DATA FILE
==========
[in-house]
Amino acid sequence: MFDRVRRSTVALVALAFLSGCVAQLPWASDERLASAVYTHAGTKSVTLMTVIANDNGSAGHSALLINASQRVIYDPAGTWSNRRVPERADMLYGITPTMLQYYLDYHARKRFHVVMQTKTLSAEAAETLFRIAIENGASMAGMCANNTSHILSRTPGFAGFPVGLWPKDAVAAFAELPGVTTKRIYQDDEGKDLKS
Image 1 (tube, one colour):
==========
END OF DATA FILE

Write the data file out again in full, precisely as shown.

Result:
[in-house]
Amino acid sequence: MFDRVRRSTVALVALAFLSGCVAQLPWASDERLASAVYTHAGTKSVTLMTVIANDNGSAGHSALLINASQRVIYDPAGTWSNRRVPERADMLYGITPTMLQYYLDYHARKRFHVVMQTKTLSAEAAETLFRIAIENGASMAGMCANNTSHILSRTPGFAGFPVGLWPKDAVAAFAELPGVTTKRIYQDDEGKDLKS
Image 1 (tube, one colour):